In reviewing a summary judgment, the court must determine whether there are any genuine issues of material fact, and whether the moving party is entitled to judgment as a matter of law.
A broker produced a ready, willing, and able buyer. The closing on the sale of the property was to occur 10 days after the title work was completed. Before the 10 days had expired, however, the seller sold the property to another group. The broker sued for his commission under the contract with the seller.and the trial court granted the broker summary judgment.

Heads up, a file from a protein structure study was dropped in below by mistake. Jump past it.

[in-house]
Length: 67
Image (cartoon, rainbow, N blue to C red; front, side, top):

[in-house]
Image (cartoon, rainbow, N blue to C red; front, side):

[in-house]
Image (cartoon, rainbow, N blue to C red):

Was the broker entitled to his commission?
The court noted that Alaska Stat. § 08.88.361 provided that a commission was earned when the real estate broker fulfilled the terms of a written personal services contract. The court also noted that public policy required the courts to read into every brokerage agreement or contract of sale a requirement that, barring default by the seller, commissions would not be deemed earned unless the contract of sale was performed. However, the court held that the broker was entitled to a commission if improper or frustrating conduct by the seller prevented title from passing. The court also held that the broker did not breach his fiduciary duty to the seller because there was no evidence that the broker ever acted for the buyers.